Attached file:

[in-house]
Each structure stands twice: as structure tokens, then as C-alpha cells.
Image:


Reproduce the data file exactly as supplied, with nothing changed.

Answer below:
[in-house]
Each structure stands twice: as structure tokens, then as C-alpha cells.
Image: